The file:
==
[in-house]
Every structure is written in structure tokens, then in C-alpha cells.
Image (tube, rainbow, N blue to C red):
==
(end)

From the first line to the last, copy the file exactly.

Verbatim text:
[in-house]
Every structure is written in structure tokens, then in C-alpha cells.
Image (tube, rainbow, N blue to C red):